US, Taliban negotiate 7-day reduction in violence: Pentagon

  • US, Taliban negotiate 7-day reduction in violence: Pentagon

US, Taliban negotiate 7-day reduction in violence: Pentagon

The US and the Taliban have been locked in gruelling talks that have stretched over more than a year, seeking an end to Afghanistan's 18-year war, the US's longest conflict.

President Donald Trump is gambling that direct engagement with the Taliban, which once provided a safe haven in Afghanistan for the al-Qaeda terrorist group, will help him meet a pledge when running for office in 2016 to get America out of what he called "endless wars". In September, Trump abruptly called off the talks in response to a suicide bombing in Kabul that killed an American soldier. "The Secretary informed me about the Taliban's proposal with regards to bringing a significant and enduring reduction in violence" aimed at an enduring peace deal".

Defense Secretary Mark Esper said Thursday that a tentative deal has been reached between the US and the Taliban on a seven-day "reduction of violence" in Afghanistan.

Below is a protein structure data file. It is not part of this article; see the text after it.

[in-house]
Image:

"We've said all along that the best, if not the only, solution in Afghanistan is a political agreement".

"In our view, seven days is sufficient" to determine whether the basis for moving forward with a long-term peace agreement had been established, Esper said.

A deal would commit Taliban insurgents to curb attacks in Afghanistan and the U.S.to reduce its troop presence there. "One thing I can tell you clearly is that the Afghan army, government and North Atlantic Treaty Organisation are working together- whether to go towards peace or to bring pressure on the enemy -and we also will assure our people that defending the past two decades of achievements is the responsibility of our army", Khaild said.

Following nine rounds of US-Taliban talks in Qatar, the two sides seemed close to an agreement.

But days later, Mr Trump said the talks were "dead", after the militant group admitted to killing a USA soldier.

In the months since the deal collapsed, there has so far been no let-up in fighting. The Taliban has warned that the United States would "lose the most" by cancelling the talks.

The announcements by the USA on Thursday came after Afghan President Ashraf Ghani said he had been informed of "notable progress" in the talks, which his government is not involved in.